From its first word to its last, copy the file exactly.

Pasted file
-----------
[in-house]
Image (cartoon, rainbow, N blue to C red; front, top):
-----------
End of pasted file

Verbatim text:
[in-house]
Image (cartoon, rainbow, N blue to C red; front, top):